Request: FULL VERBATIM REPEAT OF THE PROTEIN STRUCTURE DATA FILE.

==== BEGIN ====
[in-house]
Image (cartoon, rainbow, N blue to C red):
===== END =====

[in-house]
Image (cartoon, rainbow, N blue to C red):